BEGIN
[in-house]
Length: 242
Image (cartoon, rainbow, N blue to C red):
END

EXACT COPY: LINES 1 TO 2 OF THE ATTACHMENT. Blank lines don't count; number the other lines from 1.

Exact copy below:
[in-house]
Length: 242